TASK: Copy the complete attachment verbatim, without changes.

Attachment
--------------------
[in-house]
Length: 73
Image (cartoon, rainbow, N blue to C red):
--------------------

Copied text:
[in-house]
Length: 73
Image (cartoon, rainbow, N blue to C red):